• Cutting the cord syndrome: How will I ever know how to play the piano without my teacher telling me?
  • Panic Attacks: what if I don't get people to hire me? What if I'm too classical for the music theatre world, and too music theatre for the classical world?! 
  • Self doubts: if I somehow get people to hire me, what will happen if they realize that I can't play the piano, that I don't know a thing about music and that I'm a terrible person who can't collaborate and work as a team player?! 
  • Paranoid thoughts: What if all the musicians I have ever worked with decide to tell all of my potential employer that they shouldn't, under any circumstance, hire me? 
  • Negative thinking: How on earth will I survive as a homeless person with a visa expiring in a year not knowing how to do a thing other than music?! 

Conclusion, in order to avoid those unwanted feelings, follow this course of action: 
  1. -Stop practicing 
  2. Get bad grades 
  3. Do not fulfill your requirements 
  4. Do not apply for gigs 
  5. Live in denial 
  6. Do not fill graduation papers 
  7. Emergency option: apply for another degree.


Special effects Trumpeting

Spencer's lecture recital happened last night. We played Hollow Box by John Morrison that we had played at Longy last week, along with the variations on the "carnival de venise" by Arban, and Invocation by Sudberg, where I had to sing as well as play.

Spencer talked about fun contemporary trumpet techniques, like singing and playing the trumpet at once, and playing with pieces like if they were theatre scenes, with blockings marked on the score (check out a piece called Fanfare, it's pretty fun). Spencer's teacher Terry Everson seemed to be really happy with the recital, which is always nice to hear when you're part of a recital.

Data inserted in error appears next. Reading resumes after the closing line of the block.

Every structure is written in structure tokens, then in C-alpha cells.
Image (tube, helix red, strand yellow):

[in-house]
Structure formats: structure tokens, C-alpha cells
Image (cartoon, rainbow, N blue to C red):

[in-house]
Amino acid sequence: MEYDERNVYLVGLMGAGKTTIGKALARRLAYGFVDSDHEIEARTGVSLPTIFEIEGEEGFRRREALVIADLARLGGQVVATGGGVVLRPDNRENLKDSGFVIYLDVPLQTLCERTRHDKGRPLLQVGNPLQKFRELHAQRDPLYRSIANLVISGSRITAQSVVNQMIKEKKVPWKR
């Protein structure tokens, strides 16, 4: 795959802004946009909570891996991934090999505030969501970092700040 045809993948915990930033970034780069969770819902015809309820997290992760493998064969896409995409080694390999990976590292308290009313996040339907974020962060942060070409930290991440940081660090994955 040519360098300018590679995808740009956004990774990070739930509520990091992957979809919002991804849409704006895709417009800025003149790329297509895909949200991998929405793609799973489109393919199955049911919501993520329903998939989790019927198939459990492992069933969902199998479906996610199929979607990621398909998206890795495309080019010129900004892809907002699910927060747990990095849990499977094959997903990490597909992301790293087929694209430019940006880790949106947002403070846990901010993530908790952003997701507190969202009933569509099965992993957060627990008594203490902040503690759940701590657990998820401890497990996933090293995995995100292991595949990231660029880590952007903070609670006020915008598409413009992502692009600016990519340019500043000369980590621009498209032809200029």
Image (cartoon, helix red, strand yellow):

After the recital, somebody me came up to me, and it turned out to be Vartan, a wonderfully nice guy and great composer that I had met two years ago when I played some of his pieces at a concert. It was so nice to see him again!


Clarinet recital

Before getting to see the fun balloons at the reception, my friend Pat Locklin and I actually played his last master's recital. We played the Debussy "Premiere Rhapsodie," the "Cantilene" by Cahuzac, "Patterns in Blue" by Sargon and a Rossini piece before he played on his own and then the Bartok "Contrasts" with his chamber music trio. Congrats Pat! (On a side note, Pat's teacher Ethan Sloane told me at the end of the concert that one of his best friend's John Morrison, the composer who wrote the piece I performed on Wednesday, was saying hi, which was really unexpected and fun!)

Little Night Music

My friend David Gram and I did Babar the Little Elephant together, and I music directed the few tunes in The Good Person of Szechuan that he directed, and I've seen him in shows he acted in and shows he directed.
He always finds ways to put twists on his shows, like changing the role of set pieces, and his shows are always both deep and entertaining. So I was really excited to go to the opening of A Little Night Music last night, that he directed for Boston Opera Collaborative.
The set was beautiful, particularly the entirely painted stage floor that looked like paper wall, and see-through pieces of fabric that he used to separate events in time (for "Remember")and space (when couples indulge in the bedroom while another character talks in the sitting room for example).
The other great part of the show was Kristina Riegle who played Desiree Armfeldt. She had it all: the acting, the beauty, the singing, the timing, you name it she had it.
I also got the surprise of seeing my friend Jennifer Rizzo who, I didn't know, was playing Fredericka Armfeldt. We had done La Voix Humaine by Poulenc together, and had had such a fun time doing it that it was really fun to hear her and see her again.
So all in all a great show, that ended with yummy chocolates and sweets from the opening reception.


H&M, Lily Allen and the real deal